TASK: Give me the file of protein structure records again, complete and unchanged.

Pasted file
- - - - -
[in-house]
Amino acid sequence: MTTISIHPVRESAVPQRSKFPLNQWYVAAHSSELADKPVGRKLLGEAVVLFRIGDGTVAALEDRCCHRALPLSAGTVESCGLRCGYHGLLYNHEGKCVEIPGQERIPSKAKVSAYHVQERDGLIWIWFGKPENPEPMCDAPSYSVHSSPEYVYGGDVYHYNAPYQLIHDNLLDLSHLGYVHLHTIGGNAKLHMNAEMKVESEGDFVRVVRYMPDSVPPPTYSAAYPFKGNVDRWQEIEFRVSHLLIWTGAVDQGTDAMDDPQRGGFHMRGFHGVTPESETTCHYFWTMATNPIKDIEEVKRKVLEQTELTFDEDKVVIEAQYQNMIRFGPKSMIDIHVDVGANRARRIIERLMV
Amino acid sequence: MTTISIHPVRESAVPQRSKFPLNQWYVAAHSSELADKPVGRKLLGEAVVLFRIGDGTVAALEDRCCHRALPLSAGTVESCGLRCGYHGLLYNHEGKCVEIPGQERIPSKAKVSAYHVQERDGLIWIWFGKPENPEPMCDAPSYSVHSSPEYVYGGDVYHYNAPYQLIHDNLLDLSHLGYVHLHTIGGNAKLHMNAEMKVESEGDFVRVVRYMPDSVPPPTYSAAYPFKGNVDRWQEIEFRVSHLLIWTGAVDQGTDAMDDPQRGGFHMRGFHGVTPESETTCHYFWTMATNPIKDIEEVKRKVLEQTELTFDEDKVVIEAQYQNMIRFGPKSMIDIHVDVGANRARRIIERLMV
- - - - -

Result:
[in-house]
Amino acid sequence: MTTISIHPVRESAVPQRSKFPLNQWYVAAHSSELADKPVGRKLLGEAVVLFRIGDGTVAALEDRCCHRALPLSAGTVESCGLRCGYHGLLYNHEGKCVEIPGQERIPSKAKVSAYHVQERDGLIWIWFGKPENPEPMCDAPSYSVHSSPEYVYGGDVYHYNAPYQLIHDNLLDLSHLGYVHLHTIGGNAKLHMNAEMKVESEGDFVRVVRYMPDSVPPPTYSAAYPFKGNVDRWQEIEFRVSHLLIWTGAVDQGTDAMDDPQRGGFHMRGFHGVTPESETTCHYFWTMATNPIKDIEEVKRKVLEQTELTFDEDKVVIEAQYQNMIRFGPKSMIDIHVDVGANRARRIIERLMV
Amino acid sequence: MTTISIHPVRESAVPQRSKFPLNQWYVAAHSSELADKPVGRKLLGEAVVLFRIGDGTVAALEDRCCHRALPLSAGTVESCGLRCGYHGLLYNHEGKCVEIPGQERIPSKAKVSAYHVQERDGLIWIWFGKPENPEPMCDAPSYSVHSSPEYVYGGDVYHYNAPYQLIHDNLLDLSHLGYVHLHTIGGNAKLHMNAEMKVESEGDFVRVVRYMPDSVPPPTYSAAYPFKGNVDRWQEIEFRVSHLLIWTGAVDQGTDAMDDPQRGGFHMRGFHGVTPESETTCHYFWTMATNPIKDIEEVKRKVLEQTELTFDEDKVVIEAQYQNMIRFGPKSMIDIHVDVGANRARRIIERLMV